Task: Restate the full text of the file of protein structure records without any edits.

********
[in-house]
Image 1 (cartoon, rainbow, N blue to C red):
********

[in-house]
Image 1 (cartoon, rainbow, N blue to C red):